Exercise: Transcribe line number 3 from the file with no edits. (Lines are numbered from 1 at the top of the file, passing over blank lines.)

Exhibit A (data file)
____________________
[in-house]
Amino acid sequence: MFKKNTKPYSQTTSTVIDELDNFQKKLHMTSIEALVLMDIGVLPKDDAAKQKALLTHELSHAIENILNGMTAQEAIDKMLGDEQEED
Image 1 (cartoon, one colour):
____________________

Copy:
Image 1 (cartoon, one colour):